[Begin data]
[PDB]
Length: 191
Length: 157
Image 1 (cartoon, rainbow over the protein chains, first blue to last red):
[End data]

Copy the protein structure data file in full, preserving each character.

[PDB]
Length: 191
Length: 157
Image 1 (cartoon, rainbow over the protein chains, first blue to last red):